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The Effects of Hypnosis and Suggestion 

The Effects of Hypnosis and Suggestion
Chapter:
The Effects of Hypnosis and Suggestion
Author(s):

Benjamin Ehrlich

DOI:
10.1093/med/9780190619619.003.0006
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date: 18 April 2021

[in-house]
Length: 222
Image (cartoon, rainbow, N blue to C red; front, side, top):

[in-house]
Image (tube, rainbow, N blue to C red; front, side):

Although Cajal was devoted to “the religion of the cell,” there was an apocryphal strain of thought running through his research. Before studying the brain, Cajal had explored hypnotism through his science fiction, and he confirmed the real effects of suggestibility in his psychological research. Cajal sided with the Nancy doctrine of universal suggestibility, whereas Freud was persuaded by Charcot’s demonstration that hypnosis was both a sign of illness and a treatment modality for mental illness. The career paths of Cajal and Freud would diverge permanently. Despite his interest in experimental psychology and his personal experience with hypnosis and suggestion, Cajal experienced a conversion to neurohistology that resembled an awakening. However, he never lost his interest in the workings of the mind.

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